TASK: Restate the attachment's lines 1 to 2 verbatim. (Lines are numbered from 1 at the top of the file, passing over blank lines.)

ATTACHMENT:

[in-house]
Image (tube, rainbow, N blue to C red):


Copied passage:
[in-house]
Image (tube, rainbow, N blue to C red):